Just before six, the operation began with the arrest of a lookout who was finishing his shift. “We had officers posted by the building who said, ‘Individual X has just left the building; he got into a taxicab and he’s going eastbound on 125th Street,’ ” O’Reilly remembers. “And we had a team posted at his residence waiting.”

The next step was positioning officers around the building. “Prior to the troops going in, so to speak, we want to make sure that if someone starts throwing stuff out of windows, I have people in place to see who threw what,” O’Reilly says. Sure enough, during the operation a few hundred dollars in cash wrapped in a rubber band nearly landed on the head of an officer stationed behind the building.

As dramatic as the Black Top gang’s reign had been, it ended with barely a whimper. At around 6:30 a.m., “we executed the warrants simultaneously without incident,” O’Reilly says with typical understatement. “No civilians, not one member of law enforcement was injured.” The results of the raid were more dramatic: 4,100 vials of crack, thousands of dollars in cash, four guns, money-counting machines, bulletproof vests, electronic-alert systems, and 24 arrests – many on A felonies. Two defendants escaped, including Angel Celpa, who remains at large.

The next day, a bleary-eyed O’Reilly joined police commissioner Bernard Kerik, special narcotics prosecutor Brennan, and HPD head Jerilyn Perine at the special narcotics prosecutor’s office on Centre Street for an early-morning press conference to announce the results of the raid. “I looked at the video,” O’Reilly jokes, “and it looks like I was being held up by Scotch tape.”

On an unseasonably chilly spring morning, several members of the Black Top gang are led into the courtroom at 100 Centre Street in handcuffs to resounding cheers from family and friends. “This has been going on all morning,” growls a bailiff. “Quiet down or leave the courtroom.” The bailiff’s warning mutes the jovial atmosphere somewhat: Some whisper and point quietly; others leave the courtroom to chat in the hallway, including Jose Celpa’s slim and pretty fiancée, Caira Torres. “He’s the nicest person you’ll ever meet,” Torres says. “Everyone in the neighborhood misses him.”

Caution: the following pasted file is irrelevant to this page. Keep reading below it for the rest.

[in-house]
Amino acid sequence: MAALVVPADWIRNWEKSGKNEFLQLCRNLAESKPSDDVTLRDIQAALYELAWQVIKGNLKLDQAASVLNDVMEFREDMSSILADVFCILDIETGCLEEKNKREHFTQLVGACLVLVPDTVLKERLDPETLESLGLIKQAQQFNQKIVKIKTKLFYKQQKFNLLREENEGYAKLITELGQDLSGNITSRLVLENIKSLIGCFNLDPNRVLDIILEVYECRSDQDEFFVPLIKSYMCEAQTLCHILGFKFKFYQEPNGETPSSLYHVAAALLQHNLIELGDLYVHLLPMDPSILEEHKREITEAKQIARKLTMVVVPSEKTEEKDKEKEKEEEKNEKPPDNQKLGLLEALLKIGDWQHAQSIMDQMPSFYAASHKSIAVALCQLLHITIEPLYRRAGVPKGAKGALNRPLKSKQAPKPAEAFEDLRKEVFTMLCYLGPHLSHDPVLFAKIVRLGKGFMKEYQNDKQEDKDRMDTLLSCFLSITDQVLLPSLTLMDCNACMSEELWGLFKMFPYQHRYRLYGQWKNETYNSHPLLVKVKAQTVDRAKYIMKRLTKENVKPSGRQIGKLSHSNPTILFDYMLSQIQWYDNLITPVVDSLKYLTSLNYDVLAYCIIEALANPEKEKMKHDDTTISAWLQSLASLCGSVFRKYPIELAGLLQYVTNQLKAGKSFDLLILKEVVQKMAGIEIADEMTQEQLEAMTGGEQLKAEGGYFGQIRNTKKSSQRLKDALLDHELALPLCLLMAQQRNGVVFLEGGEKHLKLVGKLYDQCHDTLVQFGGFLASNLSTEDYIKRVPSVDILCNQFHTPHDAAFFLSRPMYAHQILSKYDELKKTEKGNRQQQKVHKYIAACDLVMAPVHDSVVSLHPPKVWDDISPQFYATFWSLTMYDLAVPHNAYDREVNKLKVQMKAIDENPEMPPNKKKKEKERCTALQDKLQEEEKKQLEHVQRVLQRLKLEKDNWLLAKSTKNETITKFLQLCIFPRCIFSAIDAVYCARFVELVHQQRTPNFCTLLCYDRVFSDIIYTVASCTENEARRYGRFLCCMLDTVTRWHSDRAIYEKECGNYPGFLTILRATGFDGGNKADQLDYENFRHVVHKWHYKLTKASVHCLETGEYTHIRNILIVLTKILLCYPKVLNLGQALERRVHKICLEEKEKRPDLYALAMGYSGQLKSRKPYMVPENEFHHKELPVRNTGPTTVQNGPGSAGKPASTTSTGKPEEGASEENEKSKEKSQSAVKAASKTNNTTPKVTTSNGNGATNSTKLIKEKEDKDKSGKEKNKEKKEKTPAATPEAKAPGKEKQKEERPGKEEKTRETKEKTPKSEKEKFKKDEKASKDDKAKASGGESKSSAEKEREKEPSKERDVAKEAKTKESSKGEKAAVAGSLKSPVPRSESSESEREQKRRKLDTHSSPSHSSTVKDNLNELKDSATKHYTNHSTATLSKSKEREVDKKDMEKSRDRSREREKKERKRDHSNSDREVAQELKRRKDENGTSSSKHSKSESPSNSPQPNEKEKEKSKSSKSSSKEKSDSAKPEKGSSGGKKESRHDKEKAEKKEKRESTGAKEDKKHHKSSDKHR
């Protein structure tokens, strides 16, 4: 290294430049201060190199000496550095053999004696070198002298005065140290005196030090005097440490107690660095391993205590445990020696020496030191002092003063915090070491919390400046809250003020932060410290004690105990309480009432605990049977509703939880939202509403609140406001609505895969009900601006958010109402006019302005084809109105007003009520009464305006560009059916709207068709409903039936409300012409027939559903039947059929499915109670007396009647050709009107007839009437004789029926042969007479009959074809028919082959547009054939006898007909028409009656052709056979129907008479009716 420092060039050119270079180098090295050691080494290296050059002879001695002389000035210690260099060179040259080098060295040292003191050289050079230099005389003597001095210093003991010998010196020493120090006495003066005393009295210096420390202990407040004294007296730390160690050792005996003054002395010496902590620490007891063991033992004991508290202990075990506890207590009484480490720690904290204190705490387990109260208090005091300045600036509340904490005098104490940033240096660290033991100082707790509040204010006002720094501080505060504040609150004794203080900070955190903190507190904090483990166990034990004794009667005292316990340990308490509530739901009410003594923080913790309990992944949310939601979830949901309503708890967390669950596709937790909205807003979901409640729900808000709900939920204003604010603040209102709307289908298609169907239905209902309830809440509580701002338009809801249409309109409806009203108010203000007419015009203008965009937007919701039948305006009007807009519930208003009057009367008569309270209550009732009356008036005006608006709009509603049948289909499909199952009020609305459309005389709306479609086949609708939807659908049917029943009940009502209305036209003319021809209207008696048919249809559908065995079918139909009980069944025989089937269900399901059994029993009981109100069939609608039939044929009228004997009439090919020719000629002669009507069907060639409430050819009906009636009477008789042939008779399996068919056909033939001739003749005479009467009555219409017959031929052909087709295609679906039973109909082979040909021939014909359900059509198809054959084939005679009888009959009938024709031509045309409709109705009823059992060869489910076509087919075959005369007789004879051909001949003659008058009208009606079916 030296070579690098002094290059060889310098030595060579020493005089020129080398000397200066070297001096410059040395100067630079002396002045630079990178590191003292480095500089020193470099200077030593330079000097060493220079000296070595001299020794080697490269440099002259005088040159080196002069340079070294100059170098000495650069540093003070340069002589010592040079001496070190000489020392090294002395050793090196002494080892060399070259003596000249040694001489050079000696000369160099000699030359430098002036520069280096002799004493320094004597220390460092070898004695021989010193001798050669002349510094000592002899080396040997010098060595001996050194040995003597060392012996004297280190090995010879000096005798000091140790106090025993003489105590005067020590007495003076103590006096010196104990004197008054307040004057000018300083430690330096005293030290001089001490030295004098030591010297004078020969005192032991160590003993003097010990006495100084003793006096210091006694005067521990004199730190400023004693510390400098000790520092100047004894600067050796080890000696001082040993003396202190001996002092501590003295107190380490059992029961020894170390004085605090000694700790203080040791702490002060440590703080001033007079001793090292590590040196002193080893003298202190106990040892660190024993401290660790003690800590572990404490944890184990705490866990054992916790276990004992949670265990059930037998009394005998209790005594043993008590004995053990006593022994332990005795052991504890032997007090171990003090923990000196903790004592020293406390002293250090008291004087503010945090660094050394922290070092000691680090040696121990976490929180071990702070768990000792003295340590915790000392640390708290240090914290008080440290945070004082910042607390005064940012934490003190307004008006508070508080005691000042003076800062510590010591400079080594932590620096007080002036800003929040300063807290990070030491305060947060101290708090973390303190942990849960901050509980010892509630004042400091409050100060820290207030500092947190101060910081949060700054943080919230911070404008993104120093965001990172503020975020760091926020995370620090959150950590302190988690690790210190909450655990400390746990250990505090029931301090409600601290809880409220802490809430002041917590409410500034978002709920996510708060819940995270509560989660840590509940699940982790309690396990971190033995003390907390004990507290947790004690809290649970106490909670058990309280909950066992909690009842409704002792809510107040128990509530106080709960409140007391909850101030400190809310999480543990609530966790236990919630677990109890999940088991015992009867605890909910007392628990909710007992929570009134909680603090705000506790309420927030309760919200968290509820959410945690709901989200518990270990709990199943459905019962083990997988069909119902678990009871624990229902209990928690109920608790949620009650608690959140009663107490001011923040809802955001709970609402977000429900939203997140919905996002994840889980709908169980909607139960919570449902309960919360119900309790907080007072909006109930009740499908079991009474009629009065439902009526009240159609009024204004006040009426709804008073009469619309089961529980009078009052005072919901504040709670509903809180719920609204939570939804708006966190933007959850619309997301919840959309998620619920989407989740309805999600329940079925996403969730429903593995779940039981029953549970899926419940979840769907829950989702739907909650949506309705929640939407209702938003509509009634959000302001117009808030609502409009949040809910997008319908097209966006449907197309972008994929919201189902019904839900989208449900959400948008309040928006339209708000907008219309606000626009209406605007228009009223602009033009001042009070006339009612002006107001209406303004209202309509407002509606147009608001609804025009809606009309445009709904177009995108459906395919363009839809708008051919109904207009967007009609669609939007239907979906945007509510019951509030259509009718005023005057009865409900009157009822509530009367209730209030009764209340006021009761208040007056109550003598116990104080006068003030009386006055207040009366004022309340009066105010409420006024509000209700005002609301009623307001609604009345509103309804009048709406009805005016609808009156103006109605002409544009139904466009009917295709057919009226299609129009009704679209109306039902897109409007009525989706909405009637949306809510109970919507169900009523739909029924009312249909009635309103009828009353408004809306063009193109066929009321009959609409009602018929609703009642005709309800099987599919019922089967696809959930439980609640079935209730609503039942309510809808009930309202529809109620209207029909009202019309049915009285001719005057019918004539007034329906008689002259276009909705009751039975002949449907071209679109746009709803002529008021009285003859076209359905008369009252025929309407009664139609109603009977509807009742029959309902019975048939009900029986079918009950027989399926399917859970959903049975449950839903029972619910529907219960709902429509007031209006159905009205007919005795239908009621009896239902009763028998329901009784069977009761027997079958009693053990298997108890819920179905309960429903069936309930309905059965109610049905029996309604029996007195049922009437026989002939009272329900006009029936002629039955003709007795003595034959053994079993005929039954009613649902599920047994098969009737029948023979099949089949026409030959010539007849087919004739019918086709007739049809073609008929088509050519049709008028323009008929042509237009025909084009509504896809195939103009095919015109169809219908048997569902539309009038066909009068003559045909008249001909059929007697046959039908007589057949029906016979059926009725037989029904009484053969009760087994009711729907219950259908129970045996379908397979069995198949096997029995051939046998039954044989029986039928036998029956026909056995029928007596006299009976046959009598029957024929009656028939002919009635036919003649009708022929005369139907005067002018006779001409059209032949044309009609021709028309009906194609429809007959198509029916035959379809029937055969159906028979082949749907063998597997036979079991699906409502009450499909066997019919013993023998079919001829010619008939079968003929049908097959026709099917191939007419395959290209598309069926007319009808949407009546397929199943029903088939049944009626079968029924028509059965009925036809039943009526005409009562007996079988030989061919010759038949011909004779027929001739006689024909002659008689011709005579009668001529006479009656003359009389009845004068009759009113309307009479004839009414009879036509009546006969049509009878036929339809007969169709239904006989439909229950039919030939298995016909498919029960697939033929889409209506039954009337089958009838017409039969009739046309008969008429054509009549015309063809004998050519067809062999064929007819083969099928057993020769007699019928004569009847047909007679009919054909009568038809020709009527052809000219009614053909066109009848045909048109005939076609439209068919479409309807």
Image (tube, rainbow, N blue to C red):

Two members of the gang have pleaded guilty and the rest, including Celpa, face trial on charges ranging from conspiracy to criminal possession and sale of a controlled substance. For months after the takedown, the NYPD blocked off Old Broadway with police barricades and kept the building under round-the-clock surveillance. “What would the purpose be if we took this organization down and a new organization moves in?” O’Reilly asks. “The customer base is still there.” Indeed, although crime in the 26th Precinct dropped by 43 percent compared with the previous year in the 60 days after the arrests, one resident received death threats after being interviewed for a short New York Times piece about the gang.

In an effort to stop this kind of sophisticated drug operation in other neighborhoods, in January Kerik named O’Reilly the head of a new “conspiracy” unit. “What happened at 16-18 Old Broadway will be a model for this unit,” says Inspector Barry of the Central Harlem Initiative. So far it has: Three months later, O’Reilly used the same techniques to take down the Watson gang, a crack-dealing crew that controlled 2 West 129th Street for over a decade.

“I guarantee each precinct has a spot like that,” O’Reilly says, “a place where guys have been dealing drugs for years, and keep getting arrested – but the drug sales keep going on.” She thinks her conspiracy unit will give the NYPD an edge that will be difficult for dealers to counter. “Even if people find out we’re doing this, it doesn’t matter,” she says. “They can’t change history.”

Crack Down